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Eye Contact: Why It's Important

        posted by , June 09, 2013

The eyes are the window of the soul.
~ Traditional Proverb
Eye contact has social significance in every culture. Humans are hardwired to seek information in the eyes of others.


Eye contact can arouse strong emotions. Strangers on trains avoid eye contact when they want to maintain their private space. Where you focus your eyes gives clues to others about what's on your mind.

But what does all this mean to business? There are 4 things to keep in mind:

1. Strong Eye Contact

It's common to speak of "strong eye contact" as a soft skill.

It's difficult to define exactly what this means. Generally, it's a good idea to look in the eyes of the person you're speaking to for much of the conversation. However, conversations are not staring competitions, it's okay to look away from time to time.

Generally, when you are comfortable with yourself it will show through in your eye contact. Eye contact comes naturally to the majority of people.

strong eye contact

2. Emotions Show in the Eyes

Social psychologists believe that people seek eye contact because the eyes can communicate emotions.

If you want to read someone's reaction to your words, it's possible to sense information in their eyes. For example, anger shows readily in the eyes.

3. It's Not A Technical Skill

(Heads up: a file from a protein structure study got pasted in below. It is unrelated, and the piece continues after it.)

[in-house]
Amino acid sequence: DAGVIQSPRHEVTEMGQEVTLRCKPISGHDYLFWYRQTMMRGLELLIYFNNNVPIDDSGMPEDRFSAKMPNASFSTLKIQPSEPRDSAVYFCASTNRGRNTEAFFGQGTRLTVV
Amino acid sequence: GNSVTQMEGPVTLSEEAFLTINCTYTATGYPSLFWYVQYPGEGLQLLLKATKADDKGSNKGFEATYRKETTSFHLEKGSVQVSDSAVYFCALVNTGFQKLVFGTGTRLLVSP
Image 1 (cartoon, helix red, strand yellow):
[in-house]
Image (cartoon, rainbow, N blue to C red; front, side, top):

Your eyes express your underlying emotions. It's not something that you can directly control. This is the basis for the old proverb "eyes don't lie".


4. Cultural Differences

In the West, eye contact is considered important when shaking hands.

In Japan, bowing is the traditional business greeting. Westerners sometimes try to maintain eye contact when they bow, this is a mistake. It's difficult to bow and maintain eye contact, so people lower their eyes.

It's also customary in Japan for people to lower their eyes as a sign of respect to a superior. For example, a student may lower their eyes to a teacher. However, eye contact is generally maintained in conversation in Japan as in the West.

In some East Asian cultures it can be considered a disrespectful challenge to look a superior in the eyes for too long.

Seeking constant unbroken eye contact can be considered annoying in East Asia. It can be considered annoying in Western countries too if you overdo it.

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